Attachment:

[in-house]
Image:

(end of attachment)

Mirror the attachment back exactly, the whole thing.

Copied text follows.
[in-house]
Image: